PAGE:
Eye on the Amazon

Oil Exploration Is No Way To Protect Indigenous Culture and Territories

The Sápara culture was declared a Patrimony of Humanity by UNESCO in 2001. In 2017, it is still in grave danger of being destroyed by fossil fuel exploration.

Photo credit: Amazon Watch

Even being recognized by the UN as a Patrimony of Humanity has not been sufficient to protect the culture and territory of the Sápara people, who face continued threats from oil drilling in their rainforest homes in the Ecuadorian Amazon.

In 2011, acknowledging the risks faced by the Sápara, the UN Education, Science and Culture Organization (UNESCO) proclaimed their culture a Masterpiece of the Oral and Intangible Heritage of Humanity. This designation seeks to protect the approximately 500 remaining Sápara and their ancestral language, which is now only spoken by a few individuals.

However, the possibility of new oil drilling still looms over the Sápara because the Ecuadorian government has not taken steps to fully protect them or their territory. In the hopes of engaging UNESCO to take a stronger stand for their survival, the Sápara wrote to its director, Irina Bokoba, about their plight last year.

The Sápara received no reply until last week, when the government abruptly invited them to a meeting to discuss the UNESCO designation. The invitation just so happened to take place a day before the official visit of Director Bokoba to Ecuador, and a week after Sápara representative Gloria Ushigua delivered a letter to the Chinese Consulate in San Francisco, CA, calling for the Chinese government to divest from oil drilling plans on their territory.

Despite the suspicious timing of the invitation, the Sápara accepted, seeing it as an opportunity to speak with high-level government officials from the Ministries of Culture and the Exterior about the risks they face. Sápara representative Manari Ushigua got right to the point, reminding the officials about the two oil blocks concessioned in January 2016 to Andes Petroleum, a wholly-owned subsidiary of two Chinese state-run companies, and a third block assigned to the Ecuadorian state-run company, Petroecuador. Together, these oil blocks overlap with nearly 60% of Sápara territory, and the government granted them despite the vocal objection of the Sápara community and its assembly.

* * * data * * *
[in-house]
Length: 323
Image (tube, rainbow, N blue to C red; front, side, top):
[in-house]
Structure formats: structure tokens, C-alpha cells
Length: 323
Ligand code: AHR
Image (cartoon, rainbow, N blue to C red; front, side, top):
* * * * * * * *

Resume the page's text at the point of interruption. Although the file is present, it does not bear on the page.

"It's extremely concerning that the Ecuadorian government is not complying with the UNESCO designation with its intention to extract oil in our territory," said Manari. "The UNESCO designation is supposed to conserve the culture and traditions of the Sápara, as well as the natural resources in our territory: the forest, the water, the oil. All of this is part of the patrimony, and all are parts of our way of living in the forest."

One of the Ecuadorian government officials present in the meeting did recognize the gravity of the situation, acknowledging that "we're talking about the possible disappearance of a culture," a situation that "should be treated and analyzed by the highest levels of the Ecuadorian government."

Another government official, however, tried to muddy the waters by claiming that the Sápara are divided between those who oppose or support oil extraction in their territory. But on repeated occasions, the Sápara assembly – the full membership of the community – has voted to reject drilling, and elected leaders like Manari have clearly communicated the Sápara Assembly's rejection of drilling and demands for full consultation with them.

As they were leaving the meeting, the Sápara representatives realized that the government had a meeting the very next day with the UNESCO director. Though they tried to secure an invitation to the meeting, the official evaded their request. Undeterred, the Sápara returned the next day in the hopes of locating and being able to spontaneously meet with UNESCO representatives, but to no avail.

The Sápara still await an official response from UNESCO. Nonetheless, they will continue petitioning the governments of Ecuador and China and bringing the fact of their possible extinction to international and other fora.

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